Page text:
15. A reforming catalyst that has a surface area that Varies between about 650 square meters per gram and about 100 square meters per gram and which includes palladium, in amounts that vary between about 0.05% by weight and about 2% by weight deposited upon silica that contains alumina cogelled therewith in amounts that Vary between about 0.13% and about 3.8%, based on the weight of the catalyst and in which the relationship between the amount of the alumina and the surface area defines a point falling on-curve XY in Figure 3.

16. VA reforming catalyst that has a surface area that varies between about 650 square meters per gram and about 100 square meters per gram and which includes at least one metal selected from the group consisting of platinum and palladium, in amounts that vary between about 0.05% by weight and about 2% lby Weight deposited upon silica that contains alumina impregnated thereon in amounts that vary between about 0.025% and about 1% based on the weight of the catalyst and in which the relationship between the amount of the alumina and the surface area denes a point falling within the area delineated by points E, F, G and H in Figure 5.

17. A reforming catalyst that has a surface area that varies between about 650 square meters per gram and about 100 square meters per gram and which includes platinum in amounts that Vary between about 0.05 by weight and about 2% by weight deposited upon silica that contains alumina impregnated thereon in amounts that vary between about 0.05 and about 0.5% based on the weight of the catalyst, and in which the relationship 50 between the amount of the alumina and the surface area defines a point falling on curve RS in Figure 5.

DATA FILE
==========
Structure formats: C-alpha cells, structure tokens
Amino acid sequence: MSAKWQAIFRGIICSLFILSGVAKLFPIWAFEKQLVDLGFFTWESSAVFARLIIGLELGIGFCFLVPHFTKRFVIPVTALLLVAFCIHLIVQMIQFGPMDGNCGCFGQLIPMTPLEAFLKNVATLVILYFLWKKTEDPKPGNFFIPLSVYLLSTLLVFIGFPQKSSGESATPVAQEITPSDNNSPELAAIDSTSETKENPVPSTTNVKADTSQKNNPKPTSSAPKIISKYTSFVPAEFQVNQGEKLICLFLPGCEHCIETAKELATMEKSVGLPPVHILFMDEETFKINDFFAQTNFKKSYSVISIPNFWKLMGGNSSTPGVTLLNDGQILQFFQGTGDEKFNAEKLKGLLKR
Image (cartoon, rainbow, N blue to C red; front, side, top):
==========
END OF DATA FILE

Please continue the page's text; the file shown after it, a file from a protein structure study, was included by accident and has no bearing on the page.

18. A reforming catalyst that has a surface area that varies between about 650 square meters per gram and about square meters per gram and which includes at least 1 metal selected from the group consisting of platinum and palladium, in amounts that vary between about 0.05% by weight and about 2% by weight, deposited upon Vsilica that contains about 0.05 alumina cogelled therewith and is further impregnated with alumina, wherein the total amount of alumina varies between about 0.05% and 1.9%, based on the weight of the catalyst, and in which the relationship between the amount of the alumina and the surface area deiines a point falling within the area delineated by points K, L, lift' and N in Figure 7.